Those who are at the top of this hierarchy, most of them learned scholars and men of great intellect, are highly respected by the citizens and are seen as "mortals in fellowship with angels." The respect they earn even goes so far that they can directly grasp political power. Hawthorne shows that concerning some of these clergymen, this respectability and piety is only a veneer. They do not practise what they preach, Wilson for example surrounds himself in luxuries which are entirely forbidden to the normal citizens. Furthermore, the reader learns that Hester's scarlet letter gives a "sympathetic throb" when she passes by one of the ministers, showing that he has sinned also.
Besides the clergy and the soldiers, the statesmen are the third group of the tripod that forms the fundament of Puritan society. Although not as learned as the ministers, they also are respected by the citizen. Like the clergymen, some of them also enjoy the pleasures forbidden to the general public, see for example Governor Bellingham's house. They are leaders because of their experience, their hereditary reverence and firm character, not because they are intelligent or give new ideas and impulses to the community. As they can be easily replaced, they try their best to do what they think will help and protect the community, showing some of the better sides of the Puritan society. They are influenced by their traditions, portraits are hanging everywhere, as if critically regarding their descendants' actions. Therefore, they do not change their mind easily. Together with the conviction that faith counts more than good deeds, this accounts for the fact that they need a very long time to start accepting Hester.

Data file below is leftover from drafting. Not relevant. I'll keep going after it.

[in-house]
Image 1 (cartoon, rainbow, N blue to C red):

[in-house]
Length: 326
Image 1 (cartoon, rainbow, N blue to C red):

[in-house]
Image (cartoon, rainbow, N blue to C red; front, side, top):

The multitude of "simple" people does not feel suppressed by these leading classes as in most other countries at that time. On the contrary, they support them and the law. "General sentiment gives law its vitality", Hawthorne puts it critically. They are proud to be members of a community "where iniquity is dragged out to the sunshine". In spite of the cruelties they are capable of, Hawthorne in some cases attests them a "large and warm heart" and even "tearful sympathy".
Generally, the common people are characterised by their gloominess, but on the New England Holiday before the election, they seem to come to life. It is on that day and during the procession that their English origins show. Hawthorne detects a "dim reflection of former splendour", a reflection that wore off entirely in the course of time; the next generations were not at all capable of celebrating freely. Interestingly, the single day of the year on which Hawthorne depicts the Puritan crowd in high spirits is also the day on which the contrast between the Old World they originate from and the New World they have come to and to a certain extent created becomes most obvious. The New World is full of purity and piety, strong emotions and feelings have to be suppressed. Only when the settlers' roots are discernible from their actions, the discrepancy between past and present can be conveyed to the reader.
The election day is also the only time of the year when "uncivilised" people like Indians and sailors add a little colour and "depth of hue" to the scene. Surprisingly, the rather wild and rough sailors are not frowned at, although they do not act according to Puritan laws. Those who chose to are even able to become integrated in the Puritan society, Hawthorne informs the reader, because a certain amount of respect is paid to them due to the hard battle with nature they fight every day.
Nature is generally seen by the Puritans to be something that has to be fought, as it presents the complete opposite to Puritan nurture. Only in the forest can Hester and Dimmesdale be "themselves", and Pearl, a symbol of nature, is the subject of many rumours. The townspeople consider her to be the devil's offspring. It is revealing that when Pearl grows older and inherits property from Chillingworth, Hawthorne says that she could easily marry into a reputable Puritan family.
All in all, it can be said that Hawthorne draws a differentiated picture of Puritan society. Although harsh criticism of their practises prevails, he tries to see at least some good will and other favourable features of his ancestors. Nevertheless, he hardly manages to.